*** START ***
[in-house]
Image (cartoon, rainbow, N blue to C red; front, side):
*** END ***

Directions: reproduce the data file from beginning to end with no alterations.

[in-house]
Image (cartoon, rainbow, N blue to C red; front, side):